Middle-aged men and women seem to be particularly prone to muscle loss, forfeiting about one-half-pound to 1 pound of muscle every year of life. In addition, they tend to eat less protein and have more difficulty assimilating the amino acids in the protein they do ingest. Consequently, we, the study team at the South Shore YMCA, decided to examine the effects of a standard strength-training program - with and without supplemental protein - on body composition in a group of adults averaging 59 years in age.

Although we have previously conducted strength-training studies in adults, most have been eight to 12 weeks in length. For this study, we examined body composition changes over a six-month training period, in which half of the participants consumed a protein shake immediately after performing their strength exercise.

We enrolled 68 middle-aged men and women in a supervised, 23-week strength-training program with a frequency of two to three days per week. Below is a brief description of the exercise protocol, which was adapted from American College of Sports Medicine (ACSM) guidelines:1

  • 11 weightstack machines: leg extension, leg curl, leg press, incline press, seated row, triceps press, biceps curl, low back extension, abdominal curl, torso rotation and neck extension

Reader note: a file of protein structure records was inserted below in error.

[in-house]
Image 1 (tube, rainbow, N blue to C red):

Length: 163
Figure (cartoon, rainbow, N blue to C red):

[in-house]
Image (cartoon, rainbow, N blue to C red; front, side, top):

• One set of each exercise was performed, with resistance that permitted eight to 12 good repetitions.
  • Exercise resistance was increased by about 5 percent when 12 good repetitions were completed.
  • A controlled movement speed (about 6 seconds per repetition) with full range of motion was used.
To ensure comprehensive physical conditioning, during each session, subjects also performed 20 minutes of endurance exercise (treadmill walking and stationary cycling at 70 to 80 percent of maximum heart rate), and completed a 20-second stretch for the target muscle group following each strength exercise. For example, immediately after completing the leg extension exercise, participants stretched the quadriceps muscles, and immediately after completing the leg curl exercise, they stretched their hamstrings muscles.

All of the participants performed the same exercise program in our research facility under close supervision of our instructional staff (two instructors for each six-person class). Forty-six subjects completed the 23-week program. Twenty-four participants consumed a protein drink following their training session, and 22 subjects did not receive supplemental protein. The protein drink (Cinch, manufactured by Shaklee Corp., Pleasanton, Calif.) was prepared by mixing 1.5 servings in water, and provided about 270 calories, 4.5 grams of fat, 35 grams of carbohydrate and 24 grams of protein, and was fortified with free l-leucine.

Research results